Wednesday, October 21, 2009

A Few Random Reasons I am A Lutheran

I know, I was baptized in a Lutheran church when I was about a month old, and that does account for a large part of why I am Lutheran. But after exploring awhile among the Pentecostals, I returned to my Lutheran roots. Here are a few "short" reasons why:

1. When asked, "Are Lutherans Conservative or Liberal?", the correct answer is Yes. And No.

2. We love the liturgy, but the liturgy does not define us.

3. Two brilliant pieces of writing by Martin Luther: "The Small Catechism", and "The Freedom of a Christian (also called "On Christian Liberty.")

4. Paradox.

5. The "priesthood of all believers," properly interpreted.

6. All the little Lutheran churches, still dotting the prairie, not giving up. (of course, I humbly realize that in other areas in the country, it might be other little churches that are not giving up.)

7. Gerhard Forde, Dietrich Bonhoeffer, Soren Kierkegaard, Albert Schweitzer, Johann Sebastian Bach.

8. I am not in charge of my salvation; God is.

9. "Putting the best construction" on your neighbor's words, activity and behavior. (This is what Luther says it means to not bear false witness against your neighbor.) (I don't notice that we do this much, but it's not a bad standard to reach for.)

More musings and story-telling to come.....

14 comments:

Diana said...

Thank you. A lot.

I've come to really respect your honesty, so I particularly appreciate your perspective on this.
-Mrs. M

Diana said...

Wait-- and at some point, can you talk more about what the priesthood of all believers means to you, and how that's lived out for Lutherans?

Diane said...

yes, I intend to. Thanks for giving me a good place to start. :)

PS (PSanafter-thought) said...

As a society, we could do better on #9. Maybe it would be worth preaching on that some time. I'm not pointing at you, just saying, IN GENERAL.

I know that my way of life is strongly biased by being Lutheran, but I take some things for granted and then I'm surprised when I realize that people in other churches might not agree with my social consciousness. One of the things is that I try to repent and be renewed daily. Well, daily is an exaggeration, but you know what I mean: the daily living in my baptism.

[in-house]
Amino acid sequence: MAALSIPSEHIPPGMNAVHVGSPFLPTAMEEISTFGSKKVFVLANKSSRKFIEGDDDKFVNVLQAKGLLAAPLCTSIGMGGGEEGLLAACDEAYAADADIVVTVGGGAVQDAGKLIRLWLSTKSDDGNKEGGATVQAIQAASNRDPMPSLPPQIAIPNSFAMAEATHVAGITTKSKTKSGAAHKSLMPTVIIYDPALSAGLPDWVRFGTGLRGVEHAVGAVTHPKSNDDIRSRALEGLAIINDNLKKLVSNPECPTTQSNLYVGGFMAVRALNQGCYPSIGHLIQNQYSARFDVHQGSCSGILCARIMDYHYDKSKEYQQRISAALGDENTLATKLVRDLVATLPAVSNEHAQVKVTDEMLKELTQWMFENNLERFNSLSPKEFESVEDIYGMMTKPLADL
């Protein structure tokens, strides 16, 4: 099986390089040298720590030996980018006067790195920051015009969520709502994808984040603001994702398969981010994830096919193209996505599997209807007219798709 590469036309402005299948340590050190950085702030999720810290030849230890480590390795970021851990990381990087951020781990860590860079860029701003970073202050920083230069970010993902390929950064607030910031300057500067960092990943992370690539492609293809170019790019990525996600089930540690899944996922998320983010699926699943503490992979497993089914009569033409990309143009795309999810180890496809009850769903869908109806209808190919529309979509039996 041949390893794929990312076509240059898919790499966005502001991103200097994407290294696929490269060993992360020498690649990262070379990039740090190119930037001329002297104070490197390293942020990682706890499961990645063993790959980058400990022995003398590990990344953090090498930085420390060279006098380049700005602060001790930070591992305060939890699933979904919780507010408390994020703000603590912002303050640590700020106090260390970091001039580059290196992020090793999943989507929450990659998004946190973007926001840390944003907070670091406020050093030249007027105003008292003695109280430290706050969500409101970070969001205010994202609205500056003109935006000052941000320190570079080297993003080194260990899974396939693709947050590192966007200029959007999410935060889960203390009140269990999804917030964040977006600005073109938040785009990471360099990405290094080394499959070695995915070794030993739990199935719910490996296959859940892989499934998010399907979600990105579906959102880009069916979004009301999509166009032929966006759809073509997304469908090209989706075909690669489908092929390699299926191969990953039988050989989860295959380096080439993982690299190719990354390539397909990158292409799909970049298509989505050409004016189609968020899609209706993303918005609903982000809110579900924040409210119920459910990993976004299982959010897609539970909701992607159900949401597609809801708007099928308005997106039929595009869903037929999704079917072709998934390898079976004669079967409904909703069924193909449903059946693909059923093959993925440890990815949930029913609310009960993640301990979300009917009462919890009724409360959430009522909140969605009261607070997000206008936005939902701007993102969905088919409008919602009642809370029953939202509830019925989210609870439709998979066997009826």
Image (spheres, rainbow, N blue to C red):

One thing I realize is that I'm against the death penalty because I'm Lutheran. I think that the ELCA has a position on that, but I'm sure I never read it. I'm also fairly certain that I've never heard a sermon or class lecture on this topic, yet I KNOW for certain that my view is strongly colored by Lutheran values.

I once made a list of about 8 of the paradoxes, but I can't remember them all now. I wrote something on my blog once about this and a commenter wrote that believing that trying to believe two things at once is either wishy washy or trying to have things both ways.

Diane said...

this was not meant to be a complete list, (and of course there are also a few good reasons NOT to be Lutherans), but P.S., I regret not talking about "baptism in daily life." Thank you for mentioning it.

Of course, there's also theology of the cross, but that gets a little complicated.

PS (PSanafter-thought) said...

The theology of the cross beats believing in the theology of glory and then finding out that non-believers also have nice houses.

CJWille said...

why not make this a top ten list? Give me one more defining experience that is meaningful to you as a Lutheran?

Gannet Girl said...

Thank you so much for sharing these insights into who you are as a person of faith.

Jennifer said...

Another great and meaningful post.
I see many parallels in my own journey as a Presbyterian cousin...

Presbyterian Gal said...

I was baptized in a Missouri Synod Lutheran church and had my first teachings there. They stay with me to this day.

And Bach! You can't beat him.

Mompriest said...

#9 I wish more people really knew how to live into this, it is well said!

As an Episcopal priest and closely related denomination I see much of this being true for why I am Epsicopalian, except we are taught that our liturgy does define us - that "Praying Shapes Believing" idea.

Thanks, Diane, thoughtful.

Diane said...

of course, Mompriest, praying shapes believing -- the weird and unique thing about the Lutheran tradition is that we define ourselves by a few key theological concepts, like "law/gospel", "bondage of the will," "priesthood of all believers", etc. rather than liturgy or polity.

yet, I still think that praying shapes believing, too.

Hot Cup Lutheran said...

hey ya you betcha diane! i serve one of those little prairie churches... and i do mean little and prairie literally... and they just built on. BUILT ON! that hasn't happened for decades... *sigh* we'll see what God has in store...

Law+Gospel said...

Thank you for this- for all the thoughts it conjures up for me, including the small rural parish of my teaching parish and the tiny urban parish up the hill from me now where they hang on fiercely, for laying out a lot of just why it is for all of us- the why is the who.